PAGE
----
Martin Freeman describes ‘privilege’ of sharing Bernard Hill’s last performance

Martin Freeman said working with Bernard Hill on The Responder was a “fantastic treat”, following the death of the actor aged 79.

Hill, who died in the early hours of Sunday morning, can currently be seen in his final performance opposite Freeman in the second series of the BBC drama.

Freeman plays Chris Carson, a police response officer, while Hill stars as his estranged father Tom Carson.

The Responder
Martin Freeman plays a police response officer in The Responder (Rekha Garton/Dancing Ledge/BBC)

“Working with Bernard on The Responder was such a fantastic treat for all of us,” Freeman said in a statement given to the PA news agency.

“He was unassuming, funny and, of course, ridiculously talented.

“A Mancunian lad who was Liverpool royalty, it was a privilege for us all to have shared in his last brilliant performance.”

During his career, Hill played King Theoden in the Oscar-winning fantasy franchise Lord Of The Rings directed by Sir Peter Jackson, opposite Elijah Wood’s Frodo Baggins.

He was also well known for playing Captain Edward Smith in the box-office juggernaut Titanic, as well as roles in Boys From The Blackstuff and Wolf Hall.

US star Wood shared a photo of Hill taken by their co-star Viggo Mortensen, who played Aragorn, and wrote: “So long to our friend, our king, Bernard Hill. We will never forget you.”

He also shared a quote from JRR Tolkien’s novel, on which the films are based, writing: “For he was a gentle heart and a great king and kept his oaths; and he rose out of the shadows to a last fair morning.”

Dominic Monaghan, who played Merry Brandybuck in Lord Of The Rings, shared the same photo of Hill, taken by Mortensen.

He wrote: “The Broken king has passed to the grey havens but he will always be remembered. #ripbernard.”

Hill joined the Lord Of The Rings cast for the second film in the trilogy, 2002’s The Two Towers, which won two Academy Awards for best sound editing and best visual effects.

He returned to the franchise for 2003’s The Return Of The King, which picked up 11 Oscars, including best picture and best director for Sir Peter.

Hill first made a name for himself as Yosser Hughes in Alan Bleasdale’s BBC drama series Boys From The Blackstuff, about five unemployed men, which aired in 1982.

The role earned him a Bafta TV nomination in 1983, the same year the show picked up the Bafta for best drama series.

He went on to play Captain Smith in the Oscar-winning 1997 epic romance Titanic, which starred Leonardo DiCaprio and Kate Winslet.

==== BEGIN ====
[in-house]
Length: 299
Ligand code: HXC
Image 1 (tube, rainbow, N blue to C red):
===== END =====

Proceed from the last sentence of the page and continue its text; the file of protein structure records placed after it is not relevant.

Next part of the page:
In the 2015 BBC adaptation of Hilary Mantel’s novel Wolf Hall, about the court of Henry VIII, he played the Duke of Norfolk, uncle to Anne Boleyn and Catherine Howard.

Bernard Hill pictured in 2006
Hill earned a Bafta TV nomination in 1983 for his role in Boys From The Blackstuff (Ian West/PA)

The BBC described him as an “incredible talent” who “blazed a trail across the screen” during his career.

Lindsay Salt, director of BBC Drama, said: “Bernard Hill blazed a trail across the screen, and his long-lasting career filled with iconic and remarkable roles is a testament to his incredible talent.

“From Boys From The Blackstuff, to Wolf Hall, The Responder, and many more, we feel truly honoured to have worked with Bernard at the BBC.

“Our thoughts are with his loved ones at this sad time.”

His other credits included Clint Eastwood’s film True Crime, 1989 rom-com Shirley Valentine, the 1999 film adaptation of Great Expectations and 2002’s The Scorpion King starring Dwayne Johnson.

Actress and singer Barbara Dickson, who starred with him in a musical based on the Beatles, was among those paying tribute, describing him as a “marvellous actor”.

Alongside a photo of them together, she wrote: “It’s with great sadness that I note the death of Bernard Hill.

“We worked together in John, Paul, George, Ringo and Bert, (by) Willy Russell marvellous show 1974-1975.

“A really marvellous actor. It was a privilege to have crossed paths with him. RIP Benny x

Hill was due to attend Comic Con in Liverpool on Saturday but the event announced on the day that he had to withdraw at the last minute because of his partner becoming “very ill”.

The post on X added: “He sends his sincere apologies and thanks you all for you understanding.

“He sends his love to all of you and will see you all again soon at another Monopoly event.”

The event said they were “heartbroken” and that they would be thinking of his family at this “very sad time”.

Footage from the event shows Hill’s co-star paying tribute to him on stage, with Sean Astin, who played Samwise Gamgee, saying: “He was intrepid, he was gruff, he was irrascible.”

Billy Boyd, who played Peregrin “Pippin” Took, said: “We were watching the movies and I said to Dom, I don’t think anyone spoke Tolkien’s words as great as Bernard did.”